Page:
According to the US Chamber of Commerce’s 2023 Impact of Technology on Small Business Report, 23% of the small businesses surveyed said they already use some form of AI. And 71% of business owners said they plan to adopt the latest technology, including AI. 

Here are some of the areas you can use AI in your business: 

  1. Operational processes: AI is great at automating tedious backend admin tasks. You can use AI to sort job applications for new hires, update customer files with new addresses, categorize expenses, or generate financial reports.  
  2. Marketing: AI tools can do a slew of tasks that support your marketing plan, including researching competitors and creating customer profiles so you can tailor content and emails more effectively. 
  3. Customer service: Using AI can help you improve your customer experience. Chatbots can answer customer questions 24/7, while other AI tools can analyze customer sentiment and satisfaction based on social media posts and surveys. 
  4. Idea generation and content creation: You can use LLMs to brainstorm blog post ideas, generate email subject lines, and track metrics like page views and social shares. 
  5. Sales: AI sales platforms can streamline tasks like inputting customer data, tracking and scoring leads, and forecasting customer demand. 
  6. Hiring: AI can help with the recruiting and hiring process; you can use it to automate candidate screening or generate content for recruitment materials. 
  7. Inventory management: AI-powered inventory management software does a number of things, including forecasting demand, suggesting minimum and maximum stock levels for specific items, and gathering data on price matches and competitors.  
  8. Team collaboration and communication: Certain AI platforms specialize in project management, helping automate tasks and pinpointing bottlenecks in workflows. 
  9. Research: You can use AI tools to gather and synthesize information on a number of complex business topics. You can ask ChatGPT or another LLM about the process of becoming an S corporation, for example, or expanding operations to another state.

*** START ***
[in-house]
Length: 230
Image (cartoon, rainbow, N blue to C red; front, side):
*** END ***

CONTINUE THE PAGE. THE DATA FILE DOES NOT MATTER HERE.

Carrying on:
10. Knowledge management: AI makes it easier to organize, store, and retrieve essential files and data within your company. AI tools can improve your internal filing search functions, automatically update content, categorize data, and create reference documents for frequently asked questions and common searches. 
  11. Note-taking: You can use AI note-taking tools to generate transcripts from recorded conversations, create meeting summaries from team calls, and identify key action items. 
  12. Accounting and budgeting: AI-powered accounting solutions can automate payroll, create custom financial reports, and track expenses. 

Benefits of incorporating AI into your business

There are countless benefits of bringing AI tools into your business. Not only can you use AI to save time on administrative tasks and level up your customer experience, you can also leverage it to make more informed decisions on marketing campaigns, outreach strategies, and business development plans. 

In the US Chamber of Commerce report, a vast majority of the businesses who use AI reported positive experiences; 82% said AI improved their operational efficiency and 86% said it improved customer communications. Businesses that use AI were also 12% more likely to see an increase in profits compared to non-AI users. 

Implications and complications of using AI in your business 

Despite its successes, AI is a relatively new—and rapidly-changing technology—so there are still a lot of unknowns. Before you embrace AI fully, it’s crucial to understand the risks and complications AI comes with. Here are some to be mindful of: 

1. AI governance is constantly shifting 

Over the years, people have figured out how to use AI tools for nefarious reasons, including generating hyper-realistic “deepfake” videos and audio compilations to spread false information, manipulate public opinion, or tarnish someone’s reputation. 

That’s why many state governments are trying to create policies and set standards around responsible AI use. Recently, the California Privacy Protection Agency voted to advance a rule that would require companies making more than $25 million in annual revenue to notify customers that they’re using AI, and give them the opportunity to opt out. Many other states have enacted AI regulations to ensure data privacy.